Driving into to work this morning, I was listening to CNBC’s Squawk Box which, on this particular morning, featured a well-respected financial advisor providing his long term insights on the economy and equity markets. To summarize, he projects tepid GDP growth for the next several years and by extension, believes this will correlate with modest equity market performance. Whether his insights prove prescient or not, it prompted me to consider the favorable dynamics of smaller companies making up the Microcap LBO market, MCM’s target market for the last 20 years.
We define the Microcap LBO market as companies with enterprise values of $15-$50 million, typically generating revenues of $15-$75 million and EBITDA of $2.5-$8 million. As one might intuitively expect the population of companies falling into this category are far greater than the number of larger companies as indicated by the following chart:
Number of Companies by Employment
Source: US Census Bureau 2008
In addition to the greater number of investment opportunities, generally purchase price multiples are lower reflecting the law of supply and demand. The aforementioned are attractive attributes; however, our fondness for the Microcap market has more to do with the opportunity small companies afford us to positively affect revenue and earnings. Typically, it is relatively easier to achieve the same percentage growth rate of a smaller company than in a larger company (authors’ note: this rule apparently does not apply to Apple). Further, in a Microcap company small changes in personnel and or tactics can profoundly impact earnings. For example, we purchased Dexmet, a $2.5M EBITDA company in August, 2006 which at the time of acquisition derived over 80% of its revenues from the lithium polymer battery market. We introduced a new CEO with a mandate to invest in new product and business development initiatives. The Company has since doubled EBITDA and serves a significantly more diverse customer base with battery applications representing only 40% of total revenues.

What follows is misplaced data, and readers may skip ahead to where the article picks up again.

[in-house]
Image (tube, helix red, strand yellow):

Of course, the ability to materially impact earnings can be both a blessing and a curse, hence portfolio management rule Number One within MCM is “Do no harm”. This rather simplistic adage speaks to our approach of gaining an intimate understanding of a newly acquired portfolio company’s strengths, weaknesses, market dynamics, etc. before advocating for changes. For example, in performing due diligence on MicroGroup, a former portfolio company acquired in 2001, I underestimated the talents and value added of the Company’s COO, who lacked the polish one usually associates with C-Level executives. This was particularly worrisome given the fact the CEO, although creative, was quite eccentric (“just call me Crazy Bill”), and thus she had more authority and impact than a typical COO. However, over the first year and thankfully throughout our ownership, I came to admire her New England common sense, passion for the company and ability to lead. In no small part, she was responsible for creating a culture which embraced lean manufacturing principals embodied in the Company’s motto of “Do it Right, Do it Fast”. The company truly excelled at providing best in class fulfillment of complex machined miniature medical device components and assemblies, often turning an order around in days as opposed to the weeks typical of their competitors.
Conventional wisdom suggests Microcap companies, relative to larger organizations, are more fragile presenting a smaller margin for error and, as a gross generalization, I would agree. However, our experience has been contrary to conventional wisdom. From 1998 through 2011, we have led 15 LBOs of Microcap companies, eight of which are current holdings. During this period we have not realized a loss on any single LBO investment and have only one small “mark to market” loss on an existing portfolio company. I believe our positive experience investing in the Microcap market is attributable to sound investment strategies enhanced by a strong Board of Operating Partners, coupled with almost 20 years of working with entrepreneurs and Microcap sizes companies. We remain bullish on the Microcap LBO market and fervently hope it remains under-served by the broader private equity community.